j = (5*j) + 1 + perturb;
    perturb >>= PERTURB_SHIFT;
    use j % 2**i as the next table index;

Now the probe sequence depends (eventually) on every bit in the hash code,
and the pseudo-scrambling property of recurring on 5*j+1 is more valuable,
because it quickly magnifies small differences in the bits that didn't affect
the initial index.  Note that because perturb is unsigned, if the recurrence
is executed often enough perturb eventually becomes and remains 0.  At that
point (very rarely reached) the recurrence is on (just) 5*j+1 again, and
that's certain to find an empty slot eventually (since it generates every int
in range(2**i), and we make sure there's always at least one empty slot).

Selecting a good value for PERTURB_SHIFT is a balancing act.  You want it
small so that the high bits of the hash code continue to affect the probe
sequence across iterations; but you want it large so that in really bad cases
the high-order hash bits have an effect on early iterations.  5 was "the
best" in minimizing total collisions across experiments Tim Peters ran (on
both normal and pathological cases), but 4 and 6 weren't significantly worse.

Historical:  Reimer Behrends contributed the idea of using a polynomial-based
approach, using repeated multiplication by x in GF(2**n) where an irreducible
polynomial for each table size was chosen such that x was a primitive root.
Christian Tismer later extended that to use division by x instead, as an
efficient way to get the high bits of the hash code into play.  This scheme
also gave excellent collision statistics, but was more expensive:  two
if-tests were required inside the loop; computing "the next" index took about
the same number of operations but without as much potential parallelism
(e.g., computing 5*j can go on at the same time as computing 1+perturb in the
above, and then shifting perturb can be done while the table index is being
masked); and the dictobject struct required a member to hold the table's
polynomial.  In Tim's experiments the current scheme ran faster, produced
equally good collision statistics, needed less code & used less memory.

Theoretical Python 2.5 headache:  hash codes are only C "long", but
sizeof(Py_ssize_t) > sizeof(long) may be possible.  In that case, and if a
dict is genuinely huge, then only the slots directly reachable via indexing
by a C long can be the first slot in a probe sequence.  The probe sequence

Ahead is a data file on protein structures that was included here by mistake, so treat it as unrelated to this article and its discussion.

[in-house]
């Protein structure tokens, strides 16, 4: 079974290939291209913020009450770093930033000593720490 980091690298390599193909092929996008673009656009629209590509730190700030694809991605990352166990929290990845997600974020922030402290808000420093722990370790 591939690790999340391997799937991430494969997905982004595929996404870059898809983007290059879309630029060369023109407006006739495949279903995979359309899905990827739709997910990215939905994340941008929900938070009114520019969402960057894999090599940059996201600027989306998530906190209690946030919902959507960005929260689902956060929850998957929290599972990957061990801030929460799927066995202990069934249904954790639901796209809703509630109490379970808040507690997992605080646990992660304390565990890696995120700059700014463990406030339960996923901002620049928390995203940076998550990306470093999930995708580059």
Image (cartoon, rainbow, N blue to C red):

will still eventually reach every slot in the table, but the collision rate
on initial probes may be much higher than this scheme was designed for.
Getting a hash code as fat as Py_ssize_t is the only real cure.  But in
practice, this probably won't make a lick of difference for many years (at
which point everyone will have terabytes of RAM on 64-bit boxes).
I'd heard of literate programming, but this is crazy. Great comment!
Great comment, but IMHO one that doesn't really belong in the source but rather in an accompanying document. This is why document control is just as important as source control.
Konrad Rudolph
I don't think this is user-level documentation, you should never need to know this when writing your code. Seems fine where it is to me.
The python source code has many comments like this one. I think this kind of documentation is very helpful for people who are diving into the source code.
A comment that explains exactly what was done and why. This is why Python is my favorite language.
I agree. If you've got obscure code, put a novel in the source to accompany it, otherwise someone will come along ten years later and seriously cock things up.
Don Werve
This is a blog post not a comment.
To commentators: If its a blog post or a separate document, it's NOT THERE when someone goes to modify the code. Having it in the code is the most convenient for future maintainers. And if the code is changed, there's a good chance the maintainer will update the comment; there's less chance a document or blog post would be changed (and if it was changed then you lose the docs for old versions; comments get versioned in the version control system with the code).